Some people[who?] say that the use of the march at the beginning of a wedding ceremony is not highly appropriate, given its place in the structure of the opera. The chorus is sung in Lohengrin by the women of the wedding party after the ceremony, as they accompany the heroine Elsa to the bridal chamber. Furthermore, the marriage between Elsa and Lohengrin is an almost immediate failure. However, given the fact that the "Bridal Chorus" portrays no malice, nor anything else negative, and the fact that it has no impact on what actually happens in the rest of the opera, its placement in the opera is irrelevant to whether or not it should be used in a wedding ceremony, hence that position does not seem to have any sound support.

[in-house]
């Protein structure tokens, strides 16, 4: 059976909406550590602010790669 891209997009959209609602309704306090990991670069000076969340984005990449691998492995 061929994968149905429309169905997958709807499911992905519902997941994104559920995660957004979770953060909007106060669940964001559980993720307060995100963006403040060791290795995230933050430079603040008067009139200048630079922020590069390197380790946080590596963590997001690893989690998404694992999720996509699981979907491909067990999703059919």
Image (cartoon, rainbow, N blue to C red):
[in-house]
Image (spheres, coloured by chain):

Many pastors of the Lutheran Church–Missouri Synod oppose the "Bridal Chorus" because of both pre-First World War Lutheran opposition to the theater and the pagan elements of Wagner's operas. The Roman Catholic Church generally does not use the "Bridal Chorus;" one diocese's guidelines regarding the chorus states that the chorus is a secular piece of music, that it is not a processional to the altar in the opera, and especially that its frequent use in film and television associate it with sentimentality rather than worship.